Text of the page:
Molly (Maida Babson) Adams (1918 - 2003) had a 40+ year career as a nationally recognized free-lance garden and wildlife photographer and conservationist. Her images were published under the name "Molly Adams." Adams was born in Orange, New Jersey and lived over fifty years in Mendham Township, New Jersey. As a teenager she became interested in photography; she later attended the New York Institute of Photography and became a member of the New York Camera Club.

Her photographs were featured in numerous newspapers and magazines including the "New York Times," "New York Herald Tribune," "House Beautiful," "Horticulture," "Home Garden," and "Audubon." During the Kennedy administration, she photographed the White House Rose Garden; these photographs were later published in "Flower Grower."

Adams provided hundreds of photographs for "How to Plan and Plant Your Own Property" (1967) by landscape architect Alice Recknagel Ireys and "How to Plan Your Own Home Landscape" (1976) by landscape designer Nelva M. Weber. Her images were also published in books including "The Reader's Digest Practical Guide to Home Landscaping," and "The Complete Illustrated Book of Garden Magic." Adams also occasionally wrote garden-themed articles. A longtime member in the Somerset Hills (NJ) Garden Club, which is part of the Garden Club of America, Adams once served as the latter's official photographer.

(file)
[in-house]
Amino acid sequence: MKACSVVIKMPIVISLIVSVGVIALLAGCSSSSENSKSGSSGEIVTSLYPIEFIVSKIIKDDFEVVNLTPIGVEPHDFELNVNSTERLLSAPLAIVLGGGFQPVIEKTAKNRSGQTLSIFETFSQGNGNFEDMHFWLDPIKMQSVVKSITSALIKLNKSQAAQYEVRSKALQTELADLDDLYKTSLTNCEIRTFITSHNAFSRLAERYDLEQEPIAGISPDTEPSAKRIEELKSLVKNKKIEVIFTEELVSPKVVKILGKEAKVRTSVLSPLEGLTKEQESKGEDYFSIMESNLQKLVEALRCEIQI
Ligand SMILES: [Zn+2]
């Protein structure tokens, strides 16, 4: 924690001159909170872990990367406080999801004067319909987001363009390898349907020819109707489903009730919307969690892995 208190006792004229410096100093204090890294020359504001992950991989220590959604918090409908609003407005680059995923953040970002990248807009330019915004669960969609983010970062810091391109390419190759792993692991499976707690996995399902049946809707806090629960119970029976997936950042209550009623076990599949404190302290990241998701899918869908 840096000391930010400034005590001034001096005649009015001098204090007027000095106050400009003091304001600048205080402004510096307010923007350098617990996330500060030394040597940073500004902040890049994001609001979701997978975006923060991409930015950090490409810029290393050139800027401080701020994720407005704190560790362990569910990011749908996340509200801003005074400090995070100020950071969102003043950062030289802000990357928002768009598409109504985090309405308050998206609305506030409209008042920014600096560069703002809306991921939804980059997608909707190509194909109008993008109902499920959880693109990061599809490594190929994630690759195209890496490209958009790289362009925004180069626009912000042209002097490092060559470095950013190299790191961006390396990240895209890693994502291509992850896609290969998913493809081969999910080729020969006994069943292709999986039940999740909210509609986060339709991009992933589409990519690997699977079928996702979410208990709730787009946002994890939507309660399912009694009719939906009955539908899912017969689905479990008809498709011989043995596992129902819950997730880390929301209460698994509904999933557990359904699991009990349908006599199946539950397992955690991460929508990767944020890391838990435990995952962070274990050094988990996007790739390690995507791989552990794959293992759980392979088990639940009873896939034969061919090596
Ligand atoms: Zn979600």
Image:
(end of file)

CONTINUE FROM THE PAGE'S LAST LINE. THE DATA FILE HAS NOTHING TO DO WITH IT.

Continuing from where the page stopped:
In the 1960's Adams' photographs drew attention to conservation issues related to the Great Swamp National Wildlife Refuge in northwestern New Jersey. These widely publicized photographs rallied public support against the proposed destruction of the Great Swamp for the construction of an airport. Adams was also active as a member of the Mendham Township Environmental Commission and the North Jersey Conservation Foundation. In the 1980's she was awarded the Buckley Medal of Merit for Horticultural Achievement by the Garden Club of America for her photographs used in the postcard campaign "Save Our Vanishing Wild Flowers."